Microsoft Corporation : Technology Stocks Continue to Outperform in 2017: Latest Reports on Microsoft and Paypal Post Earnings 4-Traders


NEW YORK, NY / ACCESSWIRE / January 27, 2017 / The Technology sector was the largest gainer in the S&P 500 Index in 2016 and that rally has continued into 2017. The tech-focused Nasdaq Composite Index has risen approximately 5.05 percent year-to-date, compared to a gain of 1.71 percent for the Dow Jones Industrial Average. The S&P 500 Index has gained 2.58 percent in 2017, with the S&P 500 Information Technology Sector up 5.5 percent. "The tech rally is firmly in place," said Tim Bajarin, principal analyst with Campbell-based Creative Strategies, a market researcher that tracks the technology sector. "Wall Street is coming to grips about how technology impacts every aspect of our lives and is critical to the success of business."

Nvidia Beats Earnings Estimates As Its Artificial Intelligence Business Keeps On Booming


Nvidia CEO Jen-Hsun Huang introducing the Nvidia Spot, a USD 49.95 microphone and speaker that will let owners use Google Assistant anywhere in a home, at the company's CES 2017 keynote (Photo by Ethan Miller/Getty Images) Nvidia continued to see demand for its graphics processors in the emerging world of artificial intelligence in its fourth quarter earnings reported Thursday. In its fourth quarter earnings release, the Santa Clara, Calif.-based company reported revenue of $2.17 billion, up 55% year over year, on earnings per share of $1.13, up 117% a year ago. Wall Street analysts estimated $2.11 billion in revenue on EPS of 83 cents. Traditionally, the company's processors have been mostly used to power the latest gaming graphics, but the chips have become popular to run AI software in the data center and autonomous vehicles. A specific branch of AI, called deep learning, is where Nvidia's processors particularly shine.

Men behind Facebook and Tesla unite to build an digital brain

AITopics Original Links

Some of the most entrepreneurial minds in the world are joining forces to help a small tech startup create a digital brain. Facebook founder Mark Zuckerberg and Tesla owner Elon Musk join the likes of PayPal billionaire Peter Thiel, actor Ashton Kutcher and Facebook's co-founder Dustin Moskovitz by investing in San Francisco-based Vicarious. The startup wants to create software that'thinks and learns like a human', and to do that, the firm is attempting to build a program that mimics the brain's neocortex. According to reports in the Wall Street Journal, Zuckerberg, Musk and Kutcher have invested a total of $40million (£24million) in the company. Thiel reportedly invested $1.2 million (£727,000) in 2010, while Moskovitz was said to have added $15million (£9million) to the fund.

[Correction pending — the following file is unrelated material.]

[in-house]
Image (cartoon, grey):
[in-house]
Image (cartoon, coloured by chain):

Etsy opens machine learning centre in Toronto Internet of Business


NEWSBYTE Etsy, the ecommerce website that focuses on handmade or vintage items, is opening its third machine learning centre, and its first in Canada. It is expected to open this autumn. The US-based company already has machine learning centres in Brooklyn, New York, and in San Francisco. The aim of the centres is to deepen users and customers' relationship with the retail platform, learning their preferences and the types of item that are offered for sale, creating a smarter and more intuitive system over time. "Etsy is dedicated to creating opportunities for creative entrepreneurs across Canada, and the addition of the Machine Learning Center of Excellence will deepen Etsy's roots in Toronto's robust tech community," said Mike Fisher, Etsy CTO.

Netflix has been secretly slowing down your videos for the past five years

Los Angeles Times

Netflix Inc. has long framed itself as the good guy in the fight against Internet service providers -- Chief Executive Reed Hastings has described his company as "big believers in the free and open Internet." But the Los Gatos, Calif., company's stance on equal access apparently has its limits, namely among its own customers. For more than five years, Netflix has secretly slowed load times and reduced video resolution -- a process called throttling -- to AT&T Inc. and Verizon mobile customers to keep them from exceeding the caps on their data plans, the Wall Street Journal reported late Thursday. Although that policy seemingly contradicts Netflix's public stance in its past battles with Internet service providers, its position in both cases makes financial sense. Netflix and its allies last year won the fight over net neutrality, arguing that without federal protections Internet service providers could throttle traffic to individuals and companies that didn't pay for access to Internet fast lanes.